Spiritual Meaning of
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THE LOST SHEEP.
And He spoke this parable to them, saying, What man of you, having an hundred sheep, if he lose one of them, does not leave the ninety and nine in the wilderness, and go after that which is lost, until he find it? And when he has found it, he lays it on his shoulders, rejoicing. And when he comes home, he calls together his friends and neighbours, saying to them, Rejoice with me; for I have found my sheep which was lost. I say to you, that likewise joy shall be in heaven over one sinner that repents, more than over ninety and nine just persons, who need no repentance.
By man is here to be understood the Church, as to the understanding of truth; as in the following parable concerning the lost piece of silver, by woman is to be understood the Church as to the affection of truth. These two parables, therefore, are in connection with each other; the first relating to the good of one who repents, signified by the lost sheep; and the second relating to the truth belonging to him who repents, signified by the lost piece of silver. The obvious tendency, therefore, of the two parables united, is to show that both good and truth, when lost and restored again, are rendered dearer and more precious than if they had never been lost.
Sheep, in the Sacred Scriptures, denote such as are principled in heavenly good, agreeably to which idea Jesus Christ calls His disciples sheep(John 10:27), and says to Peter, feed my sheep (John 21:16, 17). By sheep, therefore, are to be understood goods in the abstract, and by a hundred sheep, the complex or aggregate of such goods.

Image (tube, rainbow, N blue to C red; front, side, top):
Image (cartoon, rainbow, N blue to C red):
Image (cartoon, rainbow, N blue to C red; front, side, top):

If the sheep are considered in regard to persons, then by losing one of them is to be understood the falling away from good in a Church in general, or in a member of a Church in particular. But if by sheep are to be understood goods in the abstract, then by losing one of them is to be understood deficiency of any particular good.
The wilderness, according to a spiritual idea, signifies what has as yet little of life, or what is altogether uncultivated. It denotes also an obscure principle of faith and love, and likewise a state of spiritual temptation. By leaving, therefore, the ninety and nine in the wilderness, is to be understood, that in consequence of a falling away from good, or of the deficiency of good, signified by the sheep which was lost, the other goods in connection with it were brought into distress and trial, and thus into a diminution of life and power, such being the connection between the various orders and genera of goods, that if one perish or be lost, all the rest suffer injury, and experience a deprivation in some measure of their life.